Monday, February 26, 2018

Grateful Dead: “Road Trips Vol. 4 No. 3: Denver ‘73” (2011/2018) CD Review

Real Gone Music continues to re-issue the Grateful Dead’s Road Trips series, working their way backward from the most recent release to the earliest. The latest to be re-issued is Vol. 4 No. 3: Denver ’73, which contains the complete show the Grateful Dead played on November 21, 1973, plus a few songs from the previous night. I’ve said it before, but 1973 is still my vote for the Grateful Dead’s best year (followed by 1977). The band just seemed on that year, the jams being both jazzy and spacy. This show is really strong, full of gems and great playing, particularly in the second set.

Bob Weir says “Hi ya, folks,” and the band kicks off the show with “Me And My Uncle,” a fun number that mentions Colorado in the lyrics. That’s followed by a nice rendition of “Sugaree.” They then make some technical adjustments, playing with the microphones and goofing a bit while they do. “That ought to do it for the time being,” Bob says, and the band goes into a sweet rendition of “Jack Straw.” It eases in gently, and then builds beautifully. After a good, kind of mellow, easygoing version of “Dire Wolf,” the band plays “Black-Throated Wind,” and it’s a really good, interesting version with some nice little surprises. Bob rips into those vocals toward the end, which is wonderful. The band then picks up the pace with a totally fun rendition of “Big Railroad Blues.” Listen to the playful way Jerry sings “Papa told me too” toward the end. And there is some playful “Mexican Hat Dance” tuning following that song, leading into an enjoyable “Mexicali Blues.” They keep the fun vibes rolling with “They Love Each Other.” I love versions of this song from 1973, when it had a bit more pep and there was that added section. And this rendition is particularly good. That abrupt ending caught me off guard, but I like it. Bob then slows things down with “Looks Like Rain.” This is a beautiful and powerful version. They follow that with “Here Comes Sunshine,” a song off Wake Of The Flood, which was the band’s new album at the time. This version develops into a really good jam, and ends up being one of the highlights of the first set. A breezy “Big River” and a beautiful “Brokedown Palace” round out the first disc.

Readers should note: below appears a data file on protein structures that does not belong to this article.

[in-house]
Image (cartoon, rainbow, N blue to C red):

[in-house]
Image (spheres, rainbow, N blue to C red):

The second disc begins with the last song of the first set, Bob’s “Weather Report Suite,” from Wake Of The Flood. When I was seeing the band in the 1980s and 1990s, they’d only do the third part of the suite, “Let It Grow.” But here we get a nice full rendition, with a good jam. The second set then kicks off with another tune from Wake Of The Flood, “Mississippi Half-Step Uptown Toodeloo,” a wonderful version that leads straight into “Playing In The Band.” This is one of those special second sets that has a theme the band returns to. This time it’s “Playing.” Some of the early versions of this song weren’t anything exciting, but by 1973 the band was stretching out on this one, and the jam here is definitely worth checking out. This is when things get interesting. “El Paso” somehow emerges naturally out of that jam, flowing easily from “Playing” and sounding great. The band is cooking right along now. Usually there is a pause after “El Paso,” but this time the band dives right back into the “Playing” jam. And then we get a bit of “Wharf Rat,” just a delightful tease which becomes a “Dark Star” tease before the band eventually begins “Wharf Rat” properly. This is the Grateful Dead at their best, letting the muse take the music where it will. This is a phenomenal version of “Wharf Rat,” full of passion, yet delicate and intimate at just the right moments. From there, the band returns to the “Playing In The Band” jam. This is when things get jazzy. Check out Billy’s work on drums. The band is grooving. Then after a couple of minutes, things begin to get less settled, stranger, darker. The sound rumbles, there is a sense of foreboding, but crazy gnomes are at work turning gears, moving the machinery up toward the sun again, and you know it will turn out all right, sooner or later. Sure enough, things start coming together, and we hear that familiar part to “Playing,” and then the song bursts forth again. Oh yes! And as the band eases out of “Playing,” it eases into “Morning Dew,” a rendition that is tender, gentle as it starts, then builds into something powerful, yet still finds those tender, moving moments later on. It’s a pretty amazing rendition to finish up the second disc.